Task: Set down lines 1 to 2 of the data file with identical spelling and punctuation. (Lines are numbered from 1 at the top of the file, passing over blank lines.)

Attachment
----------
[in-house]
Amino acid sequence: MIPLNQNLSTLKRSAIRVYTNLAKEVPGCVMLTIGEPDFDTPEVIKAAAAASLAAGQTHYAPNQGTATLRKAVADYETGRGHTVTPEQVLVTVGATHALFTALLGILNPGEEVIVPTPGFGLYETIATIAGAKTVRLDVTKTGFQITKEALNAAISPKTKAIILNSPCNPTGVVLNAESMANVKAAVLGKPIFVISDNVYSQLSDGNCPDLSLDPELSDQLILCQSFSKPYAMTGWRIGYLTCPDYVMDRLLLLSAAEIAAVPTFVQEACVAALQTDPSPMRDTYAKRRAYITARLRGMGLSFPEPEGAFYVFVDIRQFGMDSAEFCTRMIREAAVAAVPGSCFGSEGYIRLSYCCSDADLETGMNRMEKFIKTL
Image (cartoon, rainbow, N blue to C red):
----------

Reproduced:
[in-house]
Amino acid sequence: MIPLNQNLSTLKRSAIRVYTNLAKEVPGCVMLTIGEPDFDTPEVIKAAAAASLAAGQTHYAPNQGTATLRKAVADYETGRGHTVTPEQVLVTVGATHALFTALLGILNPGEEVIVPTPGFGLYETIATIAGAKTVRLDVTKTGFQITKEALNAAISPKTKAIILNSPCNPTGVVLNAESMANVKAAVLGKPIFVISDNVYSQLSDGNCPDLSLDPELSDQLILCQSFSKPYAMTGWRIGYLTCPDYVMDRLLLLSAAEIAAVPTFVQEACVAALQTDPSPMRDTYAKRRAYITARLRGMGLSFPEPEGAFYVFVDIRQFGMDSAEFCTRMIREAAVAAVPGSCFGSEGYIRLSYCCSDADLETGMNRMEKFIKTL